ACT Chief Minister Katy Gallagher has officially launched the Cotter Dam Canberra following the successful completion of construction.

The dam is expected to support the economic growth and development of Canberra and the ACT through its next hundred years, providing long-term water security through whatever conditions we may face through our changing climate. Today, the dam is already more a third full.

Ms Gallagher was delighted to mark the completion of the dam and launch the next hundred years of water security for our community:

“A project of this scale has had significant economic benefits for the ACT economy through an active construction sector and the creation of hundreds of jobs.

“I would like to thank the Bulk Water Alliance for their professionalism in undertaking this massive project and thank the Board of ACTEW and Mark Sullivan and his staff for their dedication, oversight and management of this very complex project.

“This is an historic day for the ACT and this major infrastructure project is evidence that Canberra is a 21st century city where investments made now will pay off for the future benefit of the city”

ACT environment groups are welcoming the completion of the dam, which has helped to protect and enhance the neighbouring environment.

In delivering the project, the Bulk Water Alliance joint venture through planning approvals and design incorporated the history and heritage of the Cotter River into the construction philosophy.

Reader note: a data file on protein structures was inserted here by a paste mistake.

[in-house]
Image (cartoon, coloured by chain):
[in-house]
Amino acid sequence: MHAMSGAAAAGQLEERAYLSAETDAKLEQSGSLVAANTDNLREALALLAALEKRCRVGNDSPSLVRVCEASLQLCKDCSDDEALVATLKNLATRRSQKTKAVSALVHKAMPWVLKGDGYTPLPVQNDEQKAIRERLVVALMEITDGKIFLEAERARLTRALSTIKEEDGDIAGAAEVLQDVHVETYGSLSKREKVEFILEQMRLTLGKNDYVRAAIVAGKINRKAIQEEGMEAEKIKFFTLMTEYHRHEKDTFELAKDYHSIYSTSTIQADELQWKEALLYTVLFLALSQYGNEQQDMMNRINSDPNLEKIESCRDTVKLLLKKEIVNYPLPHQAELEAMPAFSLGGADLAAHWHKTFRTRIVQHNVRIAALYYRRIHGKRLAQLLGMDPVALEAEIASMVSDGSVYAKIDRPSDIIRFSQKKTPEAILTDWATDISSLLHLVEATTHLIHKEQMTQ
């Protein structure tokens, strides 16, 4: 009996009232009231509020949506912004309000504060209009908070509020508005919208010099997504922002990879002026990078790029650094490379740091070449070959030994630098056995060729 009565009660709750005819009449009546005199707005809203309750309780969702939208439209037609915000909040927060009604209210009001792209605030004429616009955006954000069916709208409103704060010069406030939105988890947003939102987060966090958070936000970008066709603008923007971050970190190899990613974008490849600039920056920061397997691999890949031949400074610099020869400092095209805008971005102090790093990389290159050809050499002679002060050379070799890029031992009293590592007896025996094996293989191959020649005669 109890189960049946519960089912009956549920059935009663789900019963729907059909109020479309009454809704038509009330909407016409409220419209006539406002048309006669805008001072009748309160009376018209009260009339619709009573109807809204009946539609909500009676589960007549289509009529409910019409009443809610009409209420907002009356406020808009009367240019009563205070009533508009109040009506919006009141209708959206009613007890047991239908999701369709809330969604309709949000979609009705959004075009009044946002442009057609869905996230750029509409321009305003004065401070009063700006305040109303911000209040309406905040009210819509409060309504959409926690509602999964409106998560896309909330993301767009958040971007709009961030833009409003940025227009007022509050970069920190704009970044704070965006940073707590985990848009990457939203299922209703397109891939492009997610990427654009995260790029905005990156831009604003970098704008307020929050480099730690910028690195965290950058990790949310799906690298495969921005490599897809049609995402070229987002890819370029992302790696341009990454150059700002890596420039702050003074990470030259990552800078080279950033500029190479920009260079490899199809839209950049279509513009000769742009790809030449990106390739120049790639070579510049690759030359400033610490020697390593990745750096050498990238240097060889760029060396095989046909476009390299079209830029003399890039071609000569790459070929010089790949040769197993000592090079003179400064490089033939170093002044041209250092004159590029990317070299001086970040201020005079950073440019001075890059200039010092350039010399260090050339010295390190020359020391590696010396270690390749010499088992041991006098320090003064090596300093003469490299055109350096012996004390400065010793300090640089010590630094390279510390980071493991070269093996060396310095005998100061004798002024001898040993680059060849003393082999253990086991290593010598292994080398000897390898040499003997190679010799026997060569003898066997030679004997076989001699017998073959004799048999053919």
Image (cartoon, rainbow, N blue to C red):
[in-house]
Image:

Ray Hezkial, ACTEW’s Project Manager on the construction program said:

“The community has always been very much at the heart of this project and in delivering water security for future generations of Canberrans we have considered many, many facets of the environment, our heritage and our history. While much of this was instigated by the planning approval process, it has been the detail and enthusiasm with which the project team has entered into these many aspects and in particular the partnership with Parks and Recreation, who will be the custodians of this area once we have handed the river back to the community.”

ACT Parks & Conservation Service’s Brett McNamara said:

“I can recall early conversation based on the premise of ensuring that post Dam construction, we would have an enduring and lasting legacy. Today as you stroll down the majestic tree lined Cotter Avenue we have collectively achieved that vision.”

There have been numerous environmental considerations of the project throughout the design, planning and construction phases. These include:

Around a million tonnes of foundation bedrock was quarried and retained on site to be crushed and used in the construction of the dam wall.

Processing and crushing this bedrock onsite into aggregate for Roller Compacted Concrete use saved a potential 2,856,400 kilometres of construction vehicle journeys – enough to circumnavigate the equator 71 times, or go to the moon and back 3½ times.

Management and rehabilitation of 420 hectares of native land in the Cotter Dam catchment area to offset the biodiversity impact of constructing the new dam

Commitment to offset all carbon emissions associated with the construction and operation of the project

Relocation of more than 120 Grass Trees (Xanthorrea) from the inundation zone. These were replanted on the Discovery Trail, at the Australian National Botanic Gardens Canberra, at the National Arboretum and in rehabilitated areas of the Cotter catchment.

In consultation with the Yurung Dhaura Indigenous work group, a nursery of bush medicine and traditional food species was planted.

The new Cotter Dam construction program has also supported local wildlife, with the habitat of the endangered Macquarie Perch a key component of the design and planning. The team has been working with experts from the University of Canberra to develop a world first in rock reef technology to provide a safe and sustainable environment for this rare indigenous fish to thrive.

For more information visit the Actew Water website.

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